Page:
I grew up in the 50’s and 60’s – when you were either a square, cool, a greaser or a beatnik. I’m sure every generation has their own labels, but to be a beatnik in the 50’s might’ve been akin to a pothead today. I never actually fit into that lifestyle, so I guess you could call me a square. Today, I’m an old lady of 80 and still kicking, so I’m blessed to be called “alive.” This thing which I love to do has begun to consume me.  As time swiftly flies beyond me – as my days grow shorter – as the need to make money is constantly on the brain – I come to the conclusion that I’m simply chasing the wind.  Still, I feel it’s something I must do.

I began writing stories when I was seven.  It was one of those things that came from loving to read.  The desire to weave intricate, beautiful words together and stitch them into my own stories carved out a lifelong passion. My dreams of being a writer included a French beret, lots of espresso, a dark, smokey coffee shop where kids would hang out and read their poetry. When I became an “adult,” reality hit home.  There were bills to pay, a family to raise, responsibilities.  The crunch of life got in the way of those moments of quiet contemplation.  No more the beatnik in black. Now a wife, a mother, the spitting image of my parents.  It was time to face reality and grow up.

Now I’m in my golden years.  Who ever thought of that term anyway?  There’s really nothing golden about them unless you’re independently wealthy or you’ve won the lottery.  Somehow the golden years have turned into tarnished brass.  We still have to make a living to survive.  Before we die, we must figure out a way to live. The starving artist comes to mind. It took Margaret Mitchell 10 years to complete “Gone With the Wind.”  It was the only book she ever wrote.  She received the Pulitzer Prize for Fiction in 1937 and she died at the age of 49. Imagine what she might have accomplished had she lived to be my age. She wrote about what she knew and drew upon her own life in the South to tell this ageless story of perseverance and determination. I have tried to write the great American novel but have been told by some that I should really take some writing classes first. Oh well, maybe I should’ve become a beatnik.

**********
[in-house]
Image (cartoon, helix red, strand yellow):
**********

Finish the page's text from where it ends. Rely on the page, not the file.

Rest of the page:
About atimetoshare.me

As I reach the end of my years, I find I have a lot of good information stored up in this old decrepit mind of mine. If I don't write it all down, it may vanish and no one will have the advantage of my thoughts. This is why this blog exists. I love the Lord, Jesus with all my heart and soul. I know I'm undeserving of all He's done for me, but I also know that His love is beyond my comprehension. I've always wanted to write. I never kept diaries, but tucked my thoughts in my head for future reference. I use them now in creating stories, plays, poetry and my blog. I continue to learn every day. I believe the compilation of our time spent with God will have huge affect on the way we live. I know I'm a sinner and I need a Savior. I have One through Jesus, Christ. My book, "Stages - a memoir," is about the seven stages of life from the perspective of a woman. It addresses all the things girls and women go through in life as they travel it with Jesus, and it is available on Amazon.com.
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15 Responses to OH TO BE A BEATNIK AGAIN . . .

  1. ken riddles says:

    Great post – I can relate well. Beatniks – just ahead of me – an old part-time hippie.
    We came after the beatniks – then Jesus saved the day. = Jesus Freaks next. As Arthur Blessitt used to say ” we may be nuts but we are screwed to the right bolt.” 😎

    Liked by 1 person

  2. I started writing at age 7, too! I love your writing, Kathy. I wish you would write a book.